For many schools, this book is required reading and rightly so.  It’s the brief and gripping firsthand account of one Holocaust survivor who lived to tell his story about life and death in Auschwitz.


The Life and Times of the Thunderbolt Kid by Bill Bryson

I checked this one out of the library on audiobook, knowing nothing about it. Warning: This book is laugh-out-loud hilarious.  I began listening to this while at the gym and kept bursting out laughing.  I’m pretty sure that the man next to me was about to call the paddy wagon.  If you have a parent that idealizes growing up in the 50’s, this will make you laugh all the more.


All Creatures Great and Small by James Herriot

This one makes me smile every time I think about it.  This is a book for which the word nostalgic was created. If you’ve never read it, you must.  It will make you laugh, smile, and wish that you too could ride in an unreliable car in jolly old England.


Thought Provoking

This is the category I’m using to say that although I didn’t love the book, I’m glad I read it.

Stranger in a Strange Land by Robert Heinlein

For years, I’ve seen this on the best of sci-fi lists, but since sci-fi isn’t generally my favorite, I kept putting it off.  Heinlein is creative, preachy, and highly opinionated.  Spoiler Alert: It was interesting, and the Christ-like death of the main character was predictable from midway through the book, but it was interesting.


American Gods by Neil Gaiman

This book really stuck in my head.  After being sorely disappointed by the cliched and angsty treatment of Greeks gods in The Lightning Thief, I was really looking forward to this one.  It did not disappoint.  It was not predictable, the characters were fascinating, and the story drew me in.  Warning: There are several “uncomfortable” scenes in this book, if you know what I mean. *clears throat*


Dune by Frank Herbert

I really don’t have too much to say about this book.  I was told that I would love it, but I didn’t–I liked it.  I found it interesting with some wonderfully creative ideas, a wonderful plot, but I think I just really disliked the authors writing style as well as all of the characters.  They all seemed completely devoid of hearts.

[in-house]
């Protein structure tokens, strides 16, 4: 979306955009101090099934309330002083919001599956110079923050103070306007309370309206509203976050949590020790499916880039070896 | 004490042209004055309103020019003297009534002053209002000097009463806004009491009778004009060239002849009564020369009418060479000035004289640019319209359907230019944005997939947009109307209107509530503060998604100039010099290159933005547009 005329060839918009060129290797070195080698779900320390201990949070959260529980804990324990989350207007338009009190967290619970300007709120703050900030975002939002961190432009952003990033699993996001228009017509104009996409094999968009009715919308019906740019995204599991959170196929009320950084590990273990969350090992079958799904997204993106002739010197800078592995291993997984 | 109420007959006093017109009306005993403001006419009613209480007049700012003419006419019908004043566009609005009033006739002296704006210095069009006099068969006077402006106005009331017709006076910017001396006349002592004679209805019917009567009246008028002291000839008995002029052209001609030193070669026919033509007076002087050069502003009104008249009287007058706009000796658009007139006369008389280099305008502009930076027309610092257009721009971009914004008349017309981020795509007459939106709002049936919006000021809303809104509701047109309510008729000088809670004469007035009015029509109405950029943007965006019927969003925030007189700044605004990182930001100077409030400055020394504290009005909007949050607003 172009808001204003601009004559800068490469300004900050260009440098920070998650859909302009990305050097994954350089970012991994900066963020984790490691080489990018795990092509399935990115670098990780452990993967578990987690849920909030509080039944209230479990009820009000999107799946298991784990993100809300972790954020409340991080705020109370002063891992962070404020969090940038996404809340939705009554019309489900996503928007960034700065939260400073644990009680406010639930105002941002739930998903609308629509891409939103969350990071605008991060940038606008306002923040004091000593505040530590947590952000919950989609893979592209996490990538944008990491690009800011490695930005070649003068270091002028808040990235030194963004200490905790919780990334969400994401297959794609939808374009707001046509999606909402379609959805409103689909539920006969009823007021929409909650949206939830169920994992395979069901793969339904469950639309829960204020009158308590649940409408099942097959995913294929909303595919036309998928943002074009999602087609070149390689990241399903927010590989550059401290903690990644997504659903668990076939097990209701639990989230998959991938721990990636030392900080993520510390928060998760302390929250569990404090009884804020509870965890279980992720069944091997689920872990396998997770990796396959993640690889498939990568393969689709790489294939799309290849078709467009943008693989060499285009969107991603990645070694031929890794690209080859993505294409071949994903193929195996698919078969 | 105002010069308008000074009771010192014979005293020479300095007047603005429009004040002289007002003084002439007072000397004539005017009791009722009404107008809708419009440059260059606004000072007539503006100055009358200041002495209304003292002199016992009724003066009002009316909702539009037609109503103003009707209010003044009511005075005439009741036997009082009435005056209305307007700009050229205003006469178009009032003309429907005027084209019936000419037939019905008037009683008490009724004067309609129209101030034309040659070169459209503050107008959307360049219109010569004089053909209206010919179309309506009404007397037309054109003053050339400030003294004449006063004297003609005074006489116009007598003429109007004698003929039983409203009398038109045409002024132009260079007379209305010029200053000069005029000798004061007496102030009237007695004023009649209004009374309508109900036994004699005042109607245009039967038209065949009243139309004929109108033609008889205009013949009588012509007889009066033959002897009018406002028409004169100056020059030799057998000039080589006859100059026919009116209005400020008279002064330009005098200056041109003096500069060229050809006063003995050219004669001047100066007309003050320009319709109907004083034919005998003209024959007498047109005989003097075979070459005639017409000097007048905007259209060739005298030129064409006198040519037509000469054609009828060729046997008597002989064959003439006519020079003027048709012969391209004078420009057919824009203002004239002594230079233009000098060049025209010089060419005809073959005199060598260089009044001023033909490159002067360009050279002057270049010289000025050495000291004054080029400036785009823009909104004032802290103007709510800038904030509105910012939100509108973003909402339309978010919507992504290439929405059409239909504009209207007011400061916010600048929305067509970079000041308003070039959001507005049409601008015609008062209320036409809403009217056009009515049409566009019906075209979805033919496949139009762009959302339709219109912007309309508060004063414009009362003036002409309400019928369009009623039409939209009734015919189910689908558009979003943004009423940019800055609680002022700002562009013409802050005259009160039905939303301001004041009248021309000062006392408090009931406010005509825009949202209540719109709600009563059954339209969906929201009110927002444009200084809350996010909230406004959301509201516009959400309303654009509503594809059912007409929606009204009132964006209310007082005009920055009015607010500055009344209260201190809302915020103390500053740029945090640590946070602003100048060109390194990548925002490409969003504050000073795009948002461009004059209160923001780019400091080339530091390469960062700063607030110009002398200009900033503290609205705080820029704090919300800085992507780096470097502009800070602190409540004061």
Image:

This is Our Faith by Michael Pinnock

Other than most chapters beginning with old e-mail forward jokes and stories, the book was as thrilling as staring at a blank wall.  I’ll take the wall.  I’m not ragging on this book because it’s a Catholic book, just to keep it clear.  It’s just that it’s terribly written.  It’s for those who have grown up in the Catholic church, and not for Protestants wanting to know more.  So, to really learn more about the Catholic faith, I bought the Catechism–it was much more informative.

The Secret History by Donna Tartt

Let me begin with the one positive thins about this book: it was very well written.  Okay, now to save you some reading time.  There are four things to say about this book: drugs, alcohol, arrogance up the wazoo, and poor choices.  The characters were all rich jerks, the narrator wanted to be one of them, and they all killed people.  The end.

The Lightning Thief by Rick Riorden

This.  This was awful.  Perhaps it’s because I’m not 10 and I’ve read other books and I have an imagination.  There was so much potential, but every time that an exciting turn could be taken, nope.  Riorden had to keep it as boring as possible.  How do you make a book about a boy finding out that Greek gods are real and that he’s one of their sons, boring?  Honestly, I would think it would take more work.  And if an impressionable 10 year old did read this, they might come away with a terrible attitude problem like the main character has.

There you have it.